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Q J Med. 1989 Feb;70(262):145-60.

Hypopituitarism following external radiotherapy for pituitary tumours in adults.

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Department of Endocrinology, Christie Hospital and Holt Radium Institute, Withington, Manchester.


The development of anterior pituitary hormone deficiencies has been studied in a group of 165 patients who underwent external radiotherapy for tumours of the pituitary or closely related anatomical sites, and who have been observed for up to 10 years. One hundred and forty had undergone pituitary surgery before radiotherapy. All patients received external radiotherapy by a three-field technique, giving 3750-4250 cGy in 15 or 16 fractions over 20-22 days. A combined test of anterior pituitary function using insulin hypoglycaemia or glucagon stimulation in conjunction with thyrotrophin and gonadotrophin releasing hormone tests and basal estimations of prolactin, thyroid hormones and testosterone or oestradiol was performed before radiotherapy. This was repeated six and 12 months later and subsequently annually. Before radiotherapy, 18 per cent of patients had normal growth hormone secretion, 21 per cent had normal gonadotrophin secretion, 57 per cent had normal corticotrophin reserve and 80 per cent had normal thyrotrophin secretion. Life table analysis demonstrated increasing incidences of all anterior pituitary hormone deficiencies with time: by five years all patients were growth hormone deficient, 91 per cent were gonadotrophin deficient, 77 per cent were corticotrophin deficient and 42 per cent were thyrotrophin deficient. At eight years, respective incidences of deficiencies were 100, 96, 84 and 49 per cent. Radiation-induced hyperprolactinaemia was seen in 73 patients; mean serum prolactin concentration rose from 227 +/- 11 mU/l to a peak of 369 +/- 60 mU/l at two years and subsequently declined towards the basal value. The primary diagnosis, patient age, sex, irradiated tissue volume and previous surgery were examined as variables that might influence the rate of development of anterior pituitary hormone deficiencies, but none of these factors had a significant effect. The radiation induced hyperprolactinaemia was however more marked in female patients. Although anterior pituitary hormone deficiencies most commonly developed in the order growth hormone, gonadotrophin, corticotrophin, thyrotrophin (61 per cent of patients), other sequences were evident. Most notably corticotrophin deficiency occurred before gonadotrophin deficiency. There is a high incidence of anterior pituitary hormone deficiencies in patients treated surgically for pituitary tumours and the incidence increases after external radiotherapy. Deficiencies may occur in an unpredictable sequence and endocrine testing is recommended on an annual basis.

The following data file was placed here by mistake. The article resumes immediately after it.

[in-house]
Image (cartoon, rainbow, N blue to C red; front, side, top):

[Indexed for MEDLINE]

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